I discovered a cricket in my room. Normally I am freaked out by insects (I don't do well with exoskeletons), but crickets are in that rare group that I'm okay with. When I discovered it, it was hanging out next to my CD collections (probably admiring it, although I'm sure he was wondering why there aren't any Buddy Holly CD's), chirping its mating call, foolishly hoping that a female will be hanging out by the DVD's.

The cricket on your hearth is considered a sign of good luck (since I don't really have a hearth, I'm wondering if the CD collection is a good substitute), and in fact it is considered bad luck to kill one (which I had coincidentally read earlier that day in the play "Bug" by Tracy Letts, which so far is quite, quite good). So rather than disposing of it, Brey gave it the name of Bloody Bugger (B.B. for short), and we're welcoming it for as long as it wants to camp out in my room.

Good luck is needed at the moment, as I am in the beginning process of my first bit of real management. At Hunger Artists, I am heading up the newly-founded reading series that will take place every two weeks.

"But wait," you more astute readers will point out, "didn't you write a post a few months ago talking about how you hated readings and talkbacks? Now you're heading up a reading series?" Well, allow me to explain.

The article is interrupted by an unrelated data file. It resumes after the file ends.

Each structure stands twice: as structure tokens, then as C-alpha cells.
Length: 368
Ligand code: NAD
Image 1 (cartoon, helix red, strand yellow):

In deciding our 2006 season, we were faced with several prospects. Rather than all of the copying, reading, discussing, etc., it was decided that it would be more exciting to get our enormous group of phenomenal actors together and have them read the material. After all, why read a play when you can have people like Mark Coyan, Jessica Beane, Terri Mowrey and Mark Palkoner read them for you?

This way, we are involving our entire company in the process of choosing our shows. The process will be relaxed (no staging, no special lights or costumes, just actors sitting down, reading from scripts). Rather than sapping the spontaneity of theater through "workshopping", we are helping to create a year of theatre that will truly be collaborative (and with those shows that we don't choose, it will still be fun to see Hunger's best tackle the material). So wish me luck (via Bloody Bugger)!

Tuesday, July 05, 2005
 
It is fitting that the Fourth of July weekend was filled with much style, very little substance. I spent the entire three days looking for something fulfilling, and was repeatedly disappointed.

It all started with a viewing of Spielberg's remake of "War of the Worlds". Now granted, I think that Spielberg is one of the greatest builders of suspense cinema has ever had. But where "Jaws", "Jurassic Park", "Minority Report" and "Close Encounters" balanced their suspense with true imagination, "War of the Worlds" is simply a series of cliches and recycled images that have their last ounce of suspense expertly juiced from them. It's like a car made up of old parts but with a shiny new cover.